Our Fleet Test Drive Review: Mazda CX-7 - 1st Report
30 June 2010
Author: Tristan Young
 Overly notchy gearbox
Mazda took range simplification to the extreme with the CX-7 and has maintained the concept with the recently facelifted model.
Originally launched in 2007 as a petrol-only car, at the end of last year the Japanese brand finally added a 172hp 2.2-litre diesel engine to the line-up, but at the same time dropped the single 2.3-litre turbo petrol unit. The switch to diesel means fleets can now actually look to add the stylish, sporty 4x4 to their choice lists.
If that wasn't enough to tempt buyers, Mazda is only offering the car in a spec-laden single trim level with one factory option - metallic paint. We'll be running the recently facelifted model for a year to see if the move to a single variant was the right one. And initial observations are promising.
Having just moved out of a German-branded car with run-flat tyres and sports suspension (the BMW 520d), I can report that the ride comfort in the Mazda is excellent. But it's better than that - the CX-7 is not only comfortable, there's also little body roll and precise steering, helping turn-in to corners. It's a near-perfect set-up for a sporty 4x4. And it should be pointed out that this is a four-wheel drive car and not a faux-4x4 that is actually front-drive, which would leave you embarrassed at the first sign of snow, although hopefully it will be some time before we need to test how good the 4x4 system is.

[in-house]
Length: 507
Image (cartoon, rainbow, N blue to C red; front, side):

The Mazda CX-7 looks the part too. A couple of my neighbours have commented on how good it looks, although they've also followed the praise with the statement, "and what is it?", which shows how few are around and hopefully how good the residuals will be.
If there are a couple of negative points, one would be that I hope the overly notchy gearbox loosens up with miles, while a more pressing concern is the width of the windscreen A-pillar that blocks your vision at junctions. At least after a couple of near misses I now take extra care with this.
Hopefully, that will be the last time I have to mention the A-pillar and over the next year I can report on how the car copes with everything I can throw at it. With two kids and three dogs it can be quite a challenge being both the family and company car, a challenge the Mazda so far feels up to.
|Mazda CX-7 2.2 diesel 5dr manual|
|Claimed combined |
|Model price range||£26,515|
|CO2 (tax) ||199g/km (31%)|
|BIK 20/40% per month||£136/£273|
|Boot space (min/max)||455/1348 litres|
|Why we’re running it||Revised CX-7 now (only) |
has a diesel variant
|Positive||Looks, ride comfort, agility|
|Negative||Gearbox, A-pillar size|